We need a particular set of circumstances to thrive. However, the basic need for food, water, and shelter are the sameā€”the type and amount of affection need variation.

For instance, my older sister was the first grandchild near our paternal grandparents, who lived next door. When I came along twenty months later, the female caregivers in my life were overwhelmed. Dad took up the slack.

My favorite photo is of Dad giving me a bottle when I was two weeks old. He’s smoking a pipe with cherry-flavored tobacco. I’m propped up on his knees as he’s relaxing in bed. My face lights up, fixated on his smile and the smoke drifting upward.

To this day, I love the smell of cherry-flavored tobacco. Furthermore, I find the scent of cigarette smoke pleasant.

Accept All Aspects of Yourself

Even if it’s politically incorrect to enjoy the smoke, I’ve learned it’s okay for me. I also realized I didn’t particularly appreciate smoking myself. Still later, extensive allergy testing revealed an allergy to tobacco.

Start developing your most important relationship now. If you are unsure how to start, consider journaling. First thing in the morning is the best time to connect with the love that remains inside you. You are worthy.

Hope in this Lunar New Year

Do you feel the hope in this Lunar New Year of the Tiger. For you, how does that make you feel compared to the Ox in 2021 or the Rat in 2020? And why did I call it the Lunar New Year? Hasn’t it always been referred to as the Chinese New Year?

A Little Clarification

The Lunar New Year begins on the day of the first new moon. Although a calendar based on the cycle of the moon has been around for ages, we tend to associate it with China where it is celebrated big time. Whole extended families return home, celebrating together. In fact, we see dragon dances performed in large cities across the globe. And it isn’t a few days. Rather it goes on for over two weeks, culminating in the release of thousands of paper lanterns into the night sky on day fifteen, the night of the first full moon. Read more about this year’s celebration.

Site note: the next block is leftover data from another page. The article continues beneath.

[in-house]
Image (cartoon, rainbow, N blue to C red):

What is Your Lunar New Year Symbol?

As a child, I remember my family eating at a Chinese restaurant with paper placemats of the Chinese Zodiac. Each of us would find the year we were born and discover who we were. Well, not really. Still, I always noticed my father and I were both Snakes. Since we shared a curiosity and enjoyment of this creature, it seemed only natural. I’ve researched the elements a little more and found that I’m a Yin Water Snake. Dad was a Yin Earth Snake. Furthermore, all Snakes are Yin and all Tigers are Yan. Read more if you’re curious about the Chinese Zodiac animals.

It’s All About Hope

It’s easy to look at all manner of negativity in life. On the other hand, looking for positivity is just as easy. Last year we were stuck with the Ox and betrayed by the Rat in 2020. I’m counting on hope in this Lunar New Year of the Tiger to lift me to new heights of gratitude, connection, and strength in 2022. How about you?